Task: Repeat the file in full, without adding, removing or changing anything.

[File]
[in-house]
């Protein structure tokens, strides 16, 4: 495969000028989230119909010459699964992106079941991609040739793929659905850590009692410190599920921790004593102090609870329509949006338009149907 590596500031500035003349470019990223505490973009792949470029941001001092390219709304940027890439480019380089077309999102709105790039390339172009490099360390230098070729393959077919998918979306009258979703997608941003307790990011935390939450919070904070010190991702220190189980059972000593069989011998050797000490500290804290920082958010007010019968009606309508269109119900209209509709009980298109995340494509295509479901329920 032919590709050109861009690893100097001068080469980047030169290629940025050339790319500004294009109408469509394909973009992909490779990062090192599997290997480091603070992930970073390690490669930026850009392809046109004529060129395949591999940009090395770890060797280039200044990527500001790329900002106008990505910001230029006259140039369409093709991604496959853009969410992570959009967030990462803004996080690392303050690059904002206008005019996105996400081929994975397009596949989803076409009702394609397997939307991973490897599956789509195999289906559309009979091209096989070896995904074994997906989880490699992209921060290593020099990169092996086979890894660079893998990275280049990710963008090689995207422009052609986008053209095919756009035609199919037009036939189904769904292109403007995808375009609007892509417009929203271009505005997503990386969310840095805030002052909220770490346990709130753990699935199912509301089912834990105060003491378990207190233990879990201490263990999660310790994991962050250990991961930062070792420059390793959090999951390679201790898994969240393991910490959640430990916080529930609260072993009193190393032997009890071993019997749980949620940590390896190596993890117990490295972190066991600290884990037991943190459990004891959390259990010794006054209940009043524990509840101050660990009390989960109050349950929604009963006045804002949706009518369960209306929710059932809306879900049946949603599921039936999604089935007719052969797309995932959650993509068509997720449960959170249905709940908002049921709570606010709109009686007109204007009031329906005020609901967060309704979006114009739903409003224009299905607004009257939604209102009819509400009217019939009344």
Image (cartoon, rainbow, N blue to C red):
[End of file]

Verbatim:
[in-house]
């Protein structure tokens, strides 16, 4: 495969000028989230119909010459699964992106079941991609040739793929659905850590009692410190599920921790004593102090609870329509949006338009149907 590596500031500035003349470019990223505490973009792949470029941001001092390219709304940027890439480019380089077309999102709105790039390339172009490099360390230098070729393959077919998918979306009258979703997608941003307790990011935390939450919070904070010190991702220190189980059972000593069989011998050797000490500290804290920082958010007010019968009606309508269109119900209209509709009980298109995340494509295509479901329920 032919590709050109861009690893100097001068080469980047030169290629940025050339790319500004294009109408469509394909973009992909490779990062090192599997290997480091603070992930970073390690490669930026850009392809046109004529060129395949591999940009090395770890060797280039200044990527500001790329900002106008990505910001230029006259140039369409093709991604496959853009969410992570959009967030990462803004996080690392303050690059904002206008005019996105996400081929994975397009596949989803076409009702394609397997939307991973490897599956789509195999289906559309009979091209096989070896995904074994997906989880490699992209921060290593020099990169092996086979890894660079893998990275280049990710963008090689995207422009052609986008053209095919756009035609199919037009036939189904769904292109403007995808375009609007892509417009929203271009505005997503990386969310840095805030002052909220770490346990709130753990699935199912509301089912834990105060003491378990207190233990879990201490263990999660310790994991962050250990991961930062070792420059390793959090999951390679201790898994969240393991910490959640430990916080529930609260072993009193190393032997009890071993019997749980949620940590390896190596993890117990490295972190066991600290884990037991943190459990004891959390259990010794006054209940009043524990509840101050660990009390989960109050349950929604009963006045804002949706009518369960209306929710059932809306879900049946949603599921039936999604089935007719052969797309995932959650993509068509997720449960959170249905709940908002049921709570606010709109009686007109204007009031329906005020609901967060309704979006114009739903409003224009299905607004009257939604209102009819509400009217019939009344």
Image (cartoon, rainbow, N blue to C red):